Failed Casting - Any thoughts

Discussion in 'Investment casting Block method' started by 0maha, Nov 18, 2021.

  1. 0maha

    0maha Silver

    Despite my success in reducing the melt time, last night's pour was a failure.

    I'm using Everdur for all this.

    I had a fair amount of this on the resulting parts:


    (For scale, that circle is about 1/2" in diameter)

    Is there a word for those voids? It is probably worth noting that the trouble spots were all on the upper side of the parts (closest to where the metal goes into the flask).

    When I cut off the sprues, I saw more voids. This is the cross section of the main sprue (right after where the metal enters the flask):


    I've had a good number of successful pours before this. This failure is new to me.

    The only things that I know were different with this one are:

    1. The flask didn't have much time at all to cool down to casting temperature (the speed of the melt kind of caught me off guard).
    2. This is the first time I re-melted left-overs/sprues/scrap from earlier pours. About half of the total weight I melted was reclaimed.
    3. I might have poured a little hot. My last reading with the pyrometer was 2180 F or so. I pulled the crucible at that point, then took however long getting the flask ready to go, then poured. I didn't bother taking a final reading with the pyrometer.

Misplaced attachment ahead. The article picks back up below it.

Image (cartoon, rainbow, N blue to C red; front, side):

End to end, my process is:

    - Make wax molds (I'm using R&R Limerick wax)
    - Invest using R&R Rancast
    - Dewax (upside down, letting the wax run into a pan) in a household oven: 250 F for about five hours
    - Move the flask to the PID controlled kiln: Ramp up to 1350 F over five hours, hold there for five hours, then drop to 1000 F and hold until I'm ready to pour
    - Pour using a vacuum table to draw air out of the bottom of the flask

    Pending a better idea, my current thinking is that my flask was way too hot. Normally, it is several hours (five, six or more) after the PID goes into "hold at 1000 F" mode before I am ready to pour. Last night, the kiln had only cooled down to an indicated 1100 F or so before the metal was ready, so I went ahead and poured.

    My guess is that even after the thermometer on the kiln is reading 1000 F during the hold cycle, it will be hours before the internal temperature of the flask cools to that level. The internal temperature of the flask was probably still close to the 1350 F peak temperature.

    Does that seem like a reasonable guess? Any other ideas?
  2. 0maha

    0maha Silver

    PS: In case this helps, I cut the part in half along the point of failure. This is what it looks like inside:


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